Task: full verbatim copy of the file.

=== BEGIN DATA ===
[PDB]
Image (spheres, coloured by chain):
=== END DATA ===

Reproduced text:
[PDB]
Image (spheres, coloured by chain):